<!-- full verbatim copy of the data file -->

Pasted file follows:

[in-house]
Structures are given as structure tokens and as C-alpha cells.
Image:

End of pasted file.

[in-house]
Structures are given as structure tokens and as C-alpha cells.
Image: